The most important thing to nail right from the start, is posture. Poor posture can lead to strain and injury down the line, and no one likes back injuries!
The way you have your kit set up makes the biggest difference. Set the height of your stool so that your feet reach the ground naturally, and your legs are angled slightly downwards.
Position your hi-hat and kick pedals directly under your feet. Your snare drum should sit between your legs at a comfortable height, just above your knees. The rest of your kit should be easily accessed without having to change your body position too much. Resist the urge to position your cymbals up high – you want them to be in front of you and easy to reach.
Maintain good posture, but don’t be too rigid! Feel the groove.
There are many ways to hold a stick, with the classic drum grips being American, German, and French. Each technique has its pros and cons.
Hold your sticks so your palms are facing each other, with the sticks supported by your fingers, and thumbs on top. Your fingers do most of the work with this grip. Useful for speed and finesse.
Hold your sticks so your palms are facing downwards, and the sticks are supported by the fulcrum of your index fingers, with thumbs on the side. This grip requires you to primarily use your wrists to move the sticks. Best for power.
Hold the sticks so your palms are at 45°, with your thumbs and forefingers opposite each other, on either side of the sticks. A combination of the French and German grips, the American grip arguably offers the best combination of power and control.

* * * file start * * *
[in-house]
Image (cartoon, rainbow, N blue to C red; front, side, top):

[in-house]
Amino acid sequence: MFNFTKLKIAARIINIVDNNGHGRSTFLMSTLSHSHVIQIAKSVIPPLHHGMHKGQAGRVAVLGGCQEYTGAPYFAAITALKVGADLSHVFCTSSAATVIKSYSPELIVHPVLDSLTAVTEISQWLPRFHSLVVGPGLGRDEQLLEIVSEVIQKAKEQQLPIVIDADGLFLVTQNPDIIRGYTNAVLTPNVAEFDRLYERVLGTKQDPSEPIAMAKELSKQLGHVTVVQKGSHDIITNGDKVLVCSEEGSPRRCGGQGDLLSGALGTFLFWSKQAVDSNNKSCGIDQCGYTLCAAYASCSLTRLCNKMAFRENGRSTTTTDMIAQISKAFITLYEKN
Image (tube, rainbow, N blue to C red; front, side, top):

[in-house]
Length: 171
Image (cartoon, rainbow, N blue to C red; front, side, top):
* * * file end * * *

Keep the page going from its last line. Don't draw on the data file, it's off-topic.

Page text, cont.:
The American grip is a “matched grip”, meaning your hands should mirror each other. It’s the most common way to hold a stick, and the easiest to learn for beginners.
It’s important with all grip types to hold the sticks firmly enough that you don’t drop them, but loosely enough that you maintain a relaxed feel.
It’s common for beginner drummers to subconsciously tense up, particularly when playing fast, complex rhythms. Keep calm and relaxed, and most importantly: let the stick do the work.
Strike so the stick bounces off the drum naturally. Digging your stick into the drum won’t allow it to resonate properly, or can cause double triggers when using electronic pads.
There are two main foot pedal techniques: “heel up” or “heel down”.
Heel up: With your heel raised slightly above the pedal, push down with the ball of your foot. Best for speed and power.
Heel down: With your heel flat on the pedal, control the pedal by moving your ankle. Best for soft, dynamic playing.
Both are valid techniques for different playing styles, so try both. The heel up technique is often easiest – you’ll get plenty of speed and power because you’ll use your whole leg. Heel down is a technique often used by jazz drummers, and allows for more dynamic playing.
There are not many instruments where the most common method is to play with your arms crossed, but you’ll see most drummers play the hi-hat with their right hand and the snare with their left, crossing their arms over each other.
This is called “cross-handed” drumming, and it often feels more natural for right-handed drummers because you’ll get the necessary speed and control from your dominant hand for riding on the hi-hat.
If you’re left-handed, you’ll probably find playing the hi-hat with your left hand easier. This is called “open-handed” drumming.
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You can play it with your computer keyboard, but it is a much better experience with access to a MIDI keyboard, pad controller, or MIDI drum kit.
These MIDI devices are connected: